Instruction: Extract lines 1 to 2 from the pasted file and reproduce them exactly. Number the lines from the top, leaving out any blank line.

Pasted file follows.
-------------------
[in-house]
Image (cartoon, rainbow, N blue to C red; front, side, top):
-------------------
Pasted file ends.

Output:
[in-house]
Image (cartoon, rainbow, N blue to C red; front, side, top):